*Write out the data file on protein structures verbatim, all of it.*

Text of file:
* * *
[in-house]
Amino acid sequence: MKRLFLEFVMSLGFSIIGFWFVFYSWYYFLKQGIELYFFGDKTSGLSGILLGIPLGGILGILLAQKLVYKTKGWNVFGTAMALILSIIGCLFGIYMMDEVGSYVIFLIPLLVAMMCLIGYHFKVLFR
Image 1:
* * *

[in-house]
Amino acid sequence: MKRLFLEFVMSLGFSIIGFWFVFYSWYYFLKQGIELYFFGDKTSGLSGILLGIPLGGILGILLAQKLVYKTKGWNVFGTAMALILSIIGCLFGIYMMDEVGSYVIFLIPLLVAMMCLIGYHFKVLFR
Image 1: